Sports are a big part of the culture at 361 Capital, such a part that, in my free time, I coach a competitive youth soccer team. As spring soccer season draws near, I am gearing up for rain-soaked practices and at least seven rescheduled games due to late snow storms here in Colorado. In preparation for the upcoming season, my soccer team participated in a pre-season tournament in Las Vegas this past weekend.
As I reflected on the event, I came to recognize the parallels between soccer (or any sport) and managing a portfolio.
1) Preparation is Key
My team is known for being physically fit. Each player must pass a timed mile test and run countless (or so the girls say) sprints each practice. They spend a good portion of practice simply working on individual foot skills with the ball and juggling with their feet. Though these things may seem rudimentary for a competitive travel team, they are standards each player must meet. Those seemingly basic parts of the game are what led to success for the team this past weekend.
When building portfolios, it’s important to ensure every one of your investments is of the quality, and exhibits the characteristics, required to play its role in the portfolio. Each component must be thoroughly vetted to ensure that at game time, it’s ready to play. Putting in the proper due diligence on the front end to fully understand the philosophy, construction and risk profile of your investments can be a game changer for the overall success of your portfolio.
2) Don’t Just Focus on the Short Game
Tournaments are typically weekends filled with upwards of five games. With the end goal of winning the tournament, a lot can happen over those 350+ minutes. This past weekend was not unlike most tournaments I’ve coached. In our second game, we ended up losing a heartbreaking 1-0 game. Despite the loss, we stayed focused on the end goal and controlled what we could. If we dwelled on the one loss, we would have never rallied to make it to the finals.
Focusing on your clients’ long-term goals is just as critical. It’s important to evaluate performance of a specific investment based on a full market cycle, not just over a few-day period. If you have prepared properly, and conducted thorough due diligence to fully understand how and when your investments should perform, you are setting your clients up to reach their goals.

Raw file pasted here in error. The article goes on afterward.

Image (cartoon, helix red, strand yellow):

3) Diversification Creates Winners
My team ended up winning the tournament. As a coach, what was most impressive to watch, besides seeing that our preparation and focus on the long-term goal had paid off, was how the team worked as a unit. A player would struggle one game, but then stand out the next—each player had their shining moment and carried one another when they needed it most. Defense stepped up big to stop some close goals, the midfield set up the scoring opportunities, and the offense buried balls to the back of the net. It was a 100% team effort win.
As you build portfolios, think like a coach. Ensuring proper diversification in portfolios is crucial. For many, this means adopting a diversification strategy that goes beyond the standard 60/40 portfolio. The “offense”, or equity side of investors’ portfolios, has done most of the heavy lifting in recent years. However, as market uncertainty continues, the “defense” side of a portfolio has begun to play a bigger role.
Alternatives can provide two main benefits to client portfolios. With little-to-no correlation to traditional markets, certain alternatives can offer investors “true” diversification. Additionally, other alternatives seek to reduce risk without sacrificing return potential. Understanding how all of the parts of your portfolio work together, in various market environments, is vital.
Though portfolio construction is much more complex than a youth soccer tournament, it provides a valuable reminder of the building blocks—preparation, focusing on the long-term and diversification—that are important to success.
Read our latest blog post, Four Things to Consider When Choosing a Long/Short Equity Fund >